Tuesday, September 13, 2005

SACRAMENTO, Calif. — Gov. Arnold Schwarzenegger this week is expected to begin an aggressive campaign to reshape California politics and salvage a political career that once seemed indomitable.

With a series of high-profile appearances scheduled, Mr. Schwarzenegger is expected to announce his bid for re-election in November 2006. His fate may be decided far sooner, however, as voters this November consider a slate of proposals he has offered to literally redraw the political map in California.

First, Mr. Schwarzenegger wants to take the responsibility for drawing the state’s political districts away from self-interested politicians and give it to a panel of retired judges. He also wants to impose a strict limit on state spending and require midyear budget cuts if projected revenues fall short. Another reform would increase from two to five years the time required for public school teachers to earn tenure.

With a 34 percent approval rating, Mr. Schwarzenegger will battle well-funded unions and a Democratic opposition energized by the prospects of bringing down the star of the Republican Party. Just one year ago, Mr. Schwarzenegger was a big draw at the Republican National Convention in New York City, and his aides were envisioning campaigns to amend the U.S. Constitution so the Austrian-born, weight-lifter-turned-movie-actor-turned-governor could be president.

But now Mr. Schwarzenegger will have to engage in a fight that promises to be as fierce as anything he faced on the big screen.

“He has bet his governorship on these initiatives,” said Republican political strategist Dan Schnur, a professor at the University of California, Berkeley. “He has pushed all of his chips to the middle of the table, and if these initiatives don’t pass, it is difficult to see him seeking another term.”

None of Mr. Schwarzenegger’s initiatives enjoy majority support among voters, according to an August poll by the Public Policy Institute of California. The spending-limit proposal, deemed the most critical by the governor’s aides, is supported by 28 percent of likely California voters and opposed by 61 percent.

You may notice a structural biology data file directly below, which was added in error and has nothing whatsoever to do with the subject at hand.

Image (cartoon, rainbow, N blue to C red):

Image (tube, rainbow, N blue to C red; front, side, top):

But his supporters and some political analysts say it would be unwise to bet against the man known best as the Terminator, in part because his mentor, former California Gov. Pete Wilson, overcame even lower poll numbers to win a second term in 1994.

The governor already has weathered several months and millions of dollars of attacks by teachers unions and other opponents aimed at painting him as a mean-spirited enemy of public school teachers, firefighters and nurses.

“The Democrats are already declaring victory, and the governor hasn’t even started campaigning,” said state Sen. Dick Ackerman, the Republican leader.

Mr. Schwarzenegger’s supporters are quick to point out that the governor’s second year in office has not been without successes. He ushered through a proposal to reform the state’s expensive and ineffectual corrections bureaucracy.

He got a budget approved by the Legislature quicker than any budget in the past five years, and it largely reflects priorities he outlined in January. Most notably, the budget doesn’t raise taxes, something Mr. Schwarzenegger has resisted for two years, despite deep budget deficits.

But opponents of his reform initiatives have gone to great lengths to fill their campaign coffers, with the California Teachers Association approving a $60 increase in union dues to raise an additional $50 million expressly to oppose the governor.

“We feel pretty good about where we are,” said Robin Swanson, a spokeswoman for the Alliance for a Better California. “People aren’t buying what he’s selling.”

Mr. Schwarzenegger’s advisers concede they cannot rely on his name alone to garner support for his reform initiatives. They say they intend to sell the initiatives to the people on the merits.

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